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What is a Journal Entry in Accounting?

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What is a Journal Entry in Accounting
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Accounting is crucial for the business to analyze and comprehend the financial status of the entity. Further, it is essential as it points out the business’s financial position. Business leaders analyse the accounting reports to decide whether to invest in a particular business. A business owner can examine the reports to check if they can hire new resources or if they can expand etc. Plus, it also gives an idea of whether the operating expenses are higher.

If you want an answer to all these challenges and doubts, journal entry is the solution. It comprises vital details of credit and debit transactions of the accounting. Each journal entry represents a single business transaction which is later documented in the general ledger. If all the information entered in a journal entry is accurate, then the financial reports can be considered valid. In this blog, let us learn more about journal entries in detail.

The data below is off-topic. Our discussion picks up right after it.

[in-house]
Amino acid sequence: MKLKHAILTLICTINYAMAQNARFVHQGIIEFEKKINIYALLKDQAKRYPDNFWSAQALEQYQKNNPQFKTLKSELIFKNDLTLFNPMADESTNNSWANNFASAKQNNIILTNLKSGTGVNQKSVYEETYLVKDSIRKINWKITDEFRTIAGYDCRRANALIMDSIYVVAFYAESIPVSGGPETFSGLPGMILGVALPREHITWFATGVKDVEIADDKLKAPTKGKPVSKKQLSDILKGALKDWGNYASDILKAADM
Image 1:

What is a Journal Entry?

A journal entry in accounting documents all the business transactions in the accounting books. The journal entries follow the double-entry bookkeeping system (includes credit and debit columns). At least two transactions are made for each journal entry in the double-entry bookkeeping system. What do journal entries contain? The date, the amount to be credited or debited, a brief description of the transaction, and the affected accounts can be found in each of journal entries. Based on the business type, information regarding a list of affected subsidiaries, tax details and other relevant information will be mentioned in the journal entry.